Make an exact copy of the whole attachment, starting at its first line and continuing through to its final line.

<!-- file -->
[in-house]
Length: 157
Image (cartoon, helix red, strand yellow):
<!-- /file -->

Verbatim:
[in-house]
Length: 157
Image (cartoon, helix red, strand yellow):